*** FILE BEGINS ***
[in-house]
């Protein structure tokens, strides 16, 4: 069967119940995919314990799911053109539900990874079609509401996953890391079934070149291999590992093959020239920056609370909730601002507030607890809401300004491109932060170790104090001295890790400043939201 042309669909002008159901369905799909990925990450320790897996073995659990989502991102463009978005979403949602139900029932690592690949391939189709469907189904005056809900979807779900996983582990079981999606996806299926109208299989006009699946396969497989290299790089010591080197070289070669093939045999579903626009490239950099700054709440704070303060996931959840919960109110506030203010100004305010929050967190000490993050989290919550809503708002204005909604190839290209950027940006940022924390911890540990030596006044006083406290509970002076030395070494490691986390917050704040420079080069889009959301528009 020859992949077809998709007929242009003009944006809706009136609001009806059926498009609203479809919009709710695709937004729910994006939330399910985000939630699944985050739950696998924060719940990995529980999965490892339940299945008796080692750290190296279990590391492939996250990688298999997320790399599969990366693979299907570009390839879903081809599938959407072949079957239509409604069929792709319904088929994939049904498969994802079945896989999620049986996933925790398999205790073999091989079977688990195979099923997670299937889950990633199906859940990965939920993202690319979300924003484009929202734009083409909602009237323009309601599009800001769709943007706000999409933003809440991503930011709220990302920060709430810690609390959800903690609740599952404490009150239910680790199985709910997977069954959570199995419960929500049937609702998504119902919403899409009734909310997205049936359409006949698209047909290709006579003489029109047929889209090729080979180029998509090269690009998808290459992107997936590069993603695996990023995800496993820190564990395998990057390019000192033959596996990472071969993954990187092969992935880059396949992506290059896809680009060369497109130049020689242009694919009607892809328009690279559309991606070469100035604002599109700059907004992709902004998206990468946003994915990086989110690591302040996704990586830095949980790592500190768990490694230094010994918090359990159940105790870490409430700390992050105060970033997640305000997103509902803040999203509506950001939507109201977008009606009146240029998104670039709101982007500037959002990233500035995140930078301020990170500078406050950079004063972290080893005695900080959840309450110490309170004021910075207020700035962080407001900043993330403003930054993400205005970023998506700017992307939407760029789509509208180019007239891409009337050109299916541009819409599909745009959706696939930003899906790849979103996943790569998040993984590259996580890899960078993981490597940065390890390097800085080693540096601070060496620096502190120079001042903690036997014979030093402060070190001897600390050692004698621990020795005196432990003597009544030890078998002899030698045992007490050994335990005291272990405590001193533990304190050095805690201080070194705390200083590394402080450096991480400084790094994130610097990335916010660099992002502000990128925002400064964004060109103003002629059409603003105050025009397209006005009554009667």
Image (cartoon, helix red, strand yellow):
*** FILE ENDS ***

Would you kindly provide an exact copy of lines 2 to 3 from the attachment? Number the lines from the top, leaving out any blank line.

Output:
């Protein structure tokens, strides 16, 4: 069967119940995919314990799911053109539900990874079609509401996953890391079934070149291999590992093959020239920056609370909730601002507030607890809401300004491109932060170790104090001295890790400043939201 042309669909002008159901369905799909990925990450320790897996073995659990989502991102463009978005979403949602139900029932690592690949391939189709469907189904005056809900979807779900996983582990079981999606996806299926109208299989006009699946396969497989290299790089010591080197070289070669093939045999579903626009490239950099700054709440704070303060996931959840919960109110506030203010100004305010929050967190000490993050989290919550809503708002204005909604190839290209950027940006940022924390911890540990030596006044006083406290509970002076030395070494490691986390917050704040420079080069889009959301528009 020859992949077809998709007929242009003009944006809706009136609001009806059926498009609203479809919009709710695709937004729910994006939330399910985000939630699944985050739950696998924060719940990995529980999965490892339940299945008796080692750290190296279990590391492939996250990688298999997320790399599969990366693979299907570009390839879903081809599938959407072949079957239509409604069929792709319904088929994939049904498969994802079945896989999620049986996933925790398999205790073999091989079977688990195979099923997670299937889950990633199906859940990965939920993202690319979300924003484009929202734009083409909602009237323009309601599009800001769709943007706000999409933003809440991503930011709220990302920060709430810690609390959800903690609740599952404490009150239910680790199985709910997977069954959570199995419960929500049937609702998504119902919403899409009734909310997205049936359409006949698209047909290709006579003489029109047929889209090729080979180029998509090269690009998808290459992107997936590069993603695996990023995800496993820190564990395998990057390019000192033959596996990472071969993954990187092969992935880059396949992506290059896809680009060369497109130049020689242009694919009607892809328009690279559309991606070469100035604002599109700059907004992709902004998206990468946003994915990086989110690591302040996704990586830095949980790592500190768990490694230094010994918090359990159940105790870490409430700390992050105060970033997640305000997103509902803040999203509506950001939507109201977008009606009146240029998104670039709101982007500037959002990233500035995140930078301020990170500078406050950079004063972290080893005695900080959840309450110490309170004021910075207020700035962080407001900043993330403003930054993400205005970023998506700017992307939407760029789509509208180019007239891409009337050109299916541009819409599909745009959706696939930003899906790849979103996943790569998040993984590259996580890899960078993981490597940065390890390097800085080693540096601070060496620096502190120079001042903690036997014979030093402060070190001897600390050692004698621990020795005196432990003597009544030890078998002899030698045992007490050994335990005291272990405590001193533990304190050095805690201080070194705390200083590394402080450096991480400084790094994130610097990335916010660099992002502000990128925002400064964004060109103003002629059409603003105050025009397209006005009554009667």
Image (cartoon, helix red, strand yellow):